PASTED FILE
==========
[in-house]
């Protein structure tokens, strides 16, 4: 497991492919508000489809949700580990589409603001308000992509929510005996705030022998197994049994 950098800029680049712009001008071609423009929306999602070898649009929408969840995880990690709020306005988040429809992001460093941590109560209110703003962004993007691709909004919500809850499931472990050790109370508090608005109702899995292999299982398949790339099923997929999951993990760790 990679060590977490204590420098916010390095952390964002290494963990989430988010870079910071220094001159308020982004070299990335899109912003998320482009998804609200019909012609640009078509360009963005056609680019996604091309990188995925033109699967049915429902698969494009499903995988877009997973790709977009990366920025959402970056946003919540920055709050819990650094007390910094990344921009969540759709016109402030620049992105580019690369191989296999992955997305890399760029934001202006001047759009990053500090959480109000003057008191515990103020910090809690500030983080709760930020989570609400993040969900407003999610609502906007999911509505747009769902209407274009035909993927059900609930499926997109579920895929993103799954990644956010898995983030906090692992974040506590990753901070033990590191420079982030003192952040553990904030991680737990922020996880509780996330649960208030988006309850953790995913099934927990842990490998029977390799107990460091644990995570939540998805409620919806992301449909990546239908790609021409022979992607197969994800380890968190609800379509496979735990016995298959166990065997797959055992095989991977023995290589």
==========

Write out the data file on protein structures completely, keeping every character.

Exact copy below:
[in-house]
């Protein structure tokens, strides 16, 4: 497991492919508000489809949700580990589409603001308000992509929510005996705030022998197994049994 950098800029680049712009001008071609423009929306999602070898649009929408969840995880990690709020306005988040429809992001460093941590109560209110703003962004993007691709909004919500809850499931472990050790109370508090608005109702899995292999299982398949790339099923997929999951993990760790 990679060590977490204590420098916010390095952390964002290494963990989430988010870079910071220094001159308020982004070299990335899109912003998320482009998804609200019909012609640009078509360009963005056609680019996604091309990188995925033109699967049915429902698969494009499903995988877009997973790709977009990366920025959402970056946003919540920055709050819990650094007390910094990344921009969540759709016109402030620049992105580019690369191989296999992955997305890399760029934001202006001047759009990053500090959480109000003057008191515990103020910090809690500030983080709760930020989570609400993040969900407003999610609502906007999911509505747009769902209407274009035909993927059900609930499926997109579920895929993103799954990644956010898995983030906090692992974040506590990753901070033990590191420079982030003192952040553990904030991680737990922020996880509780996330649960208030988006309850953790995913099934927990842990490998029977390799107990460091644990995570939540998805409620919806992301449909990546239908790609021409022979992607197969994800380890968190609800379509496979735990016995298959166990065997797959055992095989991977023995290589």